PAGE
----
So, I am grateful to have become more aware of this aspect of who I am. I have fallen many times, and learned many lessons from the tough moments in this journey. The timing of the fall at Worlds was particularly eye opening. I realized that in one second I could go from almost seizing a dream in the palm of my hand to simply turning my palm and seeing it slip away. And yet nobody cared. This isn't me being cynical. This is freedom! I know that people felt badly for our disappointment. I know that my family and friends wanted nothing more than to see us succeed.
But I realized that I can go out on the ice and have my worst day, or my best day, and at the end I will be exactly the same. I am the same person who loves to cook, write, be with family, take care of kids, and eventually move on from this sport. So, cheers to the freedom of not being perfect! And cheers to Week 37 being a bit better than the last!
Countdown to the Olympics
The first in a regular series of blog entries from Madi chronicling the upcoming Olympic season
May 23, 2017 - by Madison Hubbell
So, here it is. The Olympic season! I am an American Olympic hopeful training in Montréal, Canada. I miss my family and friends. This is one of the many sacrifices I have had to make along this journey. I have been looking for another way to welcome people into my journey, apart from selfies on Instagram or occasional text messages. These things are still great, and they serve a purpose. But to know me is to know that I am not consistent with my communication. I have always loved people and life. But communicating on a phone, by email, or through social media is not natural for me. What I have always loved is writing. I like to write letters to friends, notes and doodles on any scrap of paper, and the occasional story. I prefer handwritten letters, but if I am to reach everyone I care about and everyone who cares about me, the ever-reaching Internet will have to do. This blog will be my weekly letter to myself, my family, and anybody else who wants to know me better. This is me, Madison Hubbell, on a journey of gratitude.
My first blog must begin with a long sigh of relief. Right now, I'm writing this while traveling on the bus between Wenatchee and Seattle with the rest of the Stars On Ice cast. I am so happy to be done! Now, wait a second, because I don’t want you to misunderstand. I loved this experience and have no regrets. I just need a break for my body. Today was our last show, and I managed to make it through without any mishaps or overwhelming embarrassments. And honestly, to my surprise, I am coming out of this with a lot of new friends. I have known the people on this cast for years, and I have always respected them. I have, however, always felt a bit like an outsider. This tour really gave me a chance to get to know everyone better, and it feels like fate that I became more bonded to them as we begin this year together. It is the Olympic season, after all. It is on all of our minds. For me, the end of this tour kind of marked the official countdown to Pyeongchang.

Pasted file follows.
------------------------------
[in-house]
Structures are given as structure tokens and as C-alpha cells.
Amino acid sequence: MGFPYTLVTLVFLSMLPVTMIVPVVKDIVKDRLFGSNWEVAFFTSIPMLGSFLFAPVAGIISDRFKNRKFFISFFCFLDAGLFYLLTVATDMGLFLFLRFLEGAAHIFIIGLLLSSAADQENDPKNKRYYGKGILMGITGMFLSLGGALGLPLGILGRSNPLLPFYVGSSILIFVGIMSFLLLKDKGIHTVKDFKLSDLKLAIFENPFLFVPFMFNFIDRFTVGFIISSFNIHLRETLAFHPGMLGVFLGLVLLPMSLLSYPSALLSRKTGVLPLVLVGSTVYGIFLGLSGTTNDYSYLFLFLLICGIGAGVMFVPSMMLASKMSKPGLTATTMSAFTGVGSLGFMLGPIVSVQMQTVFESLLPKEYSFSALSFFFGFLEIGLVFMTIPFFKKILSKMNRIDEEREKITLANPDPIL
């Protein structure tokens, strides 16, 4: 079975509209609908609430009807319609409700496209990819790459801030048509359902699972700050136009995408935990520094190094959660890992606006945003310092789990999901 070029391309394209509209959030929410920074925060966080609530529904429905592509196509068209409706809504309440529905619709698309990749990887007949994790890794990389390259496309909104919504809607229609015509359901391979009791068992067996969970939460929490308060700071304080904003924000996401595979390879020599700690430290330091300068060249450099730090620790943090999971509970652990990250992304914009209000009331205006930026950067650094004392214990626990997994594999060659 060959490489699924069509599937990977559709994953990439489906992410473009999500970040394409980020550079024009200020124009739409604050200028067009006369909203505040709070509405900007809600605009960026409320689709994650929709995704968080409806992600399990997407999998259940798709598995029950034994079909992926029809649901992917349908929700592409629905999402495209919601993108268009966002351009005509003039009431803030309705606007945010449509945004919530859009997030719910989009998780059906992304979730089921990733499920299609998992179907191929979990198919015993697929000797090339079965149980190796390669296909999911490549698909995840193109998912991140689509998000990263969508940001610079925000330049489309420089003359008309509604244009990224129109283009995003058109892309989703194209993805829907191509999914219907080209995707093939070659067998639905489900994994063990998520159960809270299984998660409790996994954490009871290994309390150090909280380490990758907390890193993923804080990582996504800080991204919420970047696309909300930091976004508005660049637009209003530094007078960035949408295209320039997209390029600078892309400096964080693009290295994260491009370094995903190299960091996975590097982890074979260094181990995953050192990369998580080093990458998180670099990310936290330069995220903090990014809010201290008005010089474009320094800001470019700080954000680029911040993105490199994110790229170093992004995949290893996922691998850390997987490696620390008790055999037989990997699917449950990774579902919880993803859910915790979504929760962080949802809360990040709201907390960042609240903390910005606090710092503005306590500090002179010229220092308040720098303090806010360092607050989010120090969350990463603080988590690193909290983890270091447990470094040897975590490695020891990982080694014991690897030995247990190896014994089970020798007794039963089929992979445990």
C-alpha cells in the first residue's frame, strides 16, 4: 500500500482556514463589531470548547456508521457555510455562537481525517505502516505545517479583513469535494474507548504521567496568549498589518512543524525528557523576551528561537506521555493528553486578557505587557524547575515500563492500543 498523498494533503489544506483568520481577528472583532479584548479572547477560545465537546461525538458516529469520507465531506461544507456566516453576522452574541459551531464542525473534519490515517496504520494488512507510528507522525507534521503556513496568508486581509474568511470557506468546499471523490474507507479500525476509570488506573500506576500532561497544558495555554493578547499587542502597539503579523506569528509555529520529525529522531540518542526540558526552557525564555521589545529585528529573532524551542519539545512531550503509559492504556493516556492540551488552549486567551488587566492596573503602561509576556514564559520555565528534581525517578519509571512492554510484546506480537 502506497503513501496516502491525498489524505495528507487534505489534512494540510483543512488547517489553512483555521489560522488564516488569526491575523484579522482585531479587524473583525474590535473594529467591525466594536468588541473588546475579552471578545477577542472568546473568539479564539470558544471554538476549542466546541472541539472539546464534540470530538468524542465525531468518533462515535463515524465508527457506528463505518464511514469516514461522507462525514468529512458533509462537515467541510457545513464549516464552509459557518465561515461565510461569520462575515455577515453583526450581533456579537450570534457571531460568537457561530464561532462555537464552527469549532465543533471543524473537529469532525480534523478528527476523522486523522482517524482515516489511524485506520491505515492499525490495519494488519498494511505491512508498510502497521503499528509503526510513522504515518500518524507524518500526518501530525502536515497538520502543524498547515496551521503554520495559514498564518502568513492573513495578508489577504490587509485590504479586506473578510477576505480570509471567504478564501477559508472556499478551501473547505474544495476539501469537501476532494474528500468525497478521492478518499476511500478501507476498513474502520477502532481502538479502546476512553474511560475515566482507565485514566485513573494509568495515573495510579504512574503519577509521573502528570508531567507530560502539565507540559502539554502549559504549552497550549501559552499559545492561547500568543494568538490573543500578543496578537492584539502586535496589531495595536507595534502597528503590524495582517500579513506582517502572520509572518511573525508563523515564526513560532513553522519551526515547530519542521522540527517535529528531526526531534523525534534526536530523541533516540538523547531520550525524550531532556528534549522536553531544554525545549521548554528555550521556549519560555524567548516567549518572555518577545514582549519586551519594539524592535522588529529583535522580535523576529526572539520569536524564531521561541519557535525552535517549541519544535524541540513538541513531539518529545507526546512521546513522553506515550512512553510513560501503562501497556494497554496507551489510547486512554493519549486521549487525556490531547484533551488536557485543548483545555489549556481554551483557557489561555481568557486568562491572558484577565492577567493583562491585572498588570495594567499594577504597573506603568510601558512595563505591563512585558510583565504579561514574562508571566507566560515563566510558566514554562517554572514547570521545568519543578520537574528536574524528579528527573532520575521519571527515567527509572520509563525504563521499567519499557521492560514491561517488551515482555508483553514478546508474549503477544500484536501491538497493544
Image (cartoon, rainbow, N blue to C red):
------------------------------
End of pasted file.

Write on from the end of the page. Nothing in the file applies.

We have roughly 38 weeks until the Opening Ceremony of the 2018 Olympic Games. We spoke to several skaters who, in the face of this countdown, chose not to participate in the Stars On Ice tour. And I understand their decision. In the US, we had a short tour with only 7 stops. But the stops were spread out, so we haven't had a day off from skating or airports in three weeks. This is challenging when you need to make crucial decisions about Olympic programs, make choreography, and stay healthy. In our case, I think Zach and I made the right decision to join the Stars On Ice family. I now feel more connected to all of these athletes, with whom I hope to share my Olympic experience. So, as promised, here is my gratitude for everyone in the Stars on Ice family. In case any of you are reading this, thank you from the bottom of my heart for making me feel welcome!
My goal with this blog will be to give you a window into the weekly ups and downs of this journey. I want to be candid, and fully authentic as to who I am. Which means most likely some of these blogs won't be posted on time! Also, I can't promise you that it will be interesting, funny, insightful, or worth the read. I will try, however, to invite you into my life and my heart as I try to fill my days with gratitude. That’s right, even the crappy ones!
See Madi and Zach in Stars on Ice
May 12, 2017 - Webmaster Update
Madi and Zach are honored to be part of the 2017 cast of Stars on Ice alongside other top American skaters. They are currently touring the West Coast after having performed in Florida, Pennsylvania, and Illinois. You can see Madi and Zach in person at Stars on Ice by purchasing tickets to their upcoming performances here!
Today, in particular, they took some time off to sightsee in the Bay Area ahead of their Stars on Ice tour appearance in San Jose. Here, they are taking a stroll through the Stanford University campus.
In addition to touring with Stars on Ice, Madi and Zach have already begun their training and started developing their programs for the 2017-2018 season. They are extremely encouraged and motivated after demonstrating continued overall improvement this past season. At the recent ISU World Figure Skating Championships in Helsinki, they finished ninth overall after placing third in the short dance.
Please stay tuned to this web site for additional updates on their training and preparations for the upcoming Olympic season. Madi and Zach thank you for your continued support!
Previous news updates from Madi & Zach
|© 2017 Madison Hubbell & Zachary Donohue - http://www.hubbell-donohue.com/index.html - Last updated July 17, 2017|